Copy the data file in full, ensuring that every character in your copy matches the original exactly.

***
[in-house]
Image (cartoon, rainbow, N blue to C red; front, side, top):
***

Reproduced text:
[in-house]
Image (cartoon, rainbow, N blue to C red; front, side, top):